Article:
Sarasota researchers using beer byproduct to fight red tide

Sarasota County

Darwin Brewing Co.

SARASOTA COUNTY, Fla. (WFLA) – Red tide ravaged coastal communities across Tampa Bay back in 2017. The sights and smells that came along with the algae blooms just weren’t good for business. Bill Cornelius says red tide devastated the community and even impacted his Bradenton brewery.

“It impacted us too because we sell a lot of our beer in restaurants and business just fell off to almost nothing. You could just smell it and you couldn’t go outside without smelling it; that’s how bad it was.. just terrible,” said Cornelius.

Fast forward to 2020, Darwin Brewing Company is now part of Mote Marine Laboratory’s efforts to fight red tide.

Scientists are using spent grains from his brewing process in research to clear Karenia Brevis from saltwater. The local project is a partnership with researchers at the University of Maryland.

“This group in Maryland had been working with spent brewing grain and the effects that it has on freshwater cyanobacteria, and so when this opportunity came around.. the question was, can this work on Karenia brevis,” said Mote Marine Laboratory senior scientist, Dr. Vincent Lovko.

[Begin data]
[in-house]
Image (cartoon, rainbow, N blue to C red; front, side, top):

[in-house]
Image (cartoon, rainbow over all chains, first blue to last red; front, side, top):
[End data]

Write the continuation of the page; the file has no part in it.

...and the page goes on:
So far, the results are promising.

“We obtained some spent grain from a local brewery, Darwin Brewing Company. We tested those, so we extracted them by basically just soaking them in water, using that water and exposing Karenia brevis to that and we did see Karenia brevis basically disappear within about 24 hours, probably even quicker than that.,” said Dr. Lovko. “It depends on the dose that you use. One caution is that the brewing grains are going to have a lot of other compounds in them as well, not necessarily dangerous compounds, but nutrients, things that can actually fuel a bloom,” he continued.

Researchers say they are focusing in on compounds called flavonoids.

“These are known to be algicidal or at least inhibitory to algae and so we are trying a variety of pure flavonoids, but we also still want to focus on the extracts from the brewing grains because it could be a combination of those flavonoids, as well as other compounds and these, are all-natural compounds and we anticipate that they will be pretty benign in the environment otherwise,” said the senior scientist.

Dr. Lovko thinks within a few years, researchers will be able to demonstrate that these compounds can be affective on Karenia brevis in a natural environment.

“Our next step is to scale up to larger scale studies, not quite in the natural environment yet, but probably by the end of the project here which would be next summer, we will be using much bigger 10,000 liter tanks to test these compounds,” said Dr. Lovko.

He says Mote plans to continue using spent grains from the Bradenton brewery.

It has been a very good working relationship with them, we are happy to be a part of their family. We are trying to do our part,” said the brewery owner. “It really takes no effort from us. It is grain that we have to get rid of, so it is a win-win for everybody,” continued Cornelius.

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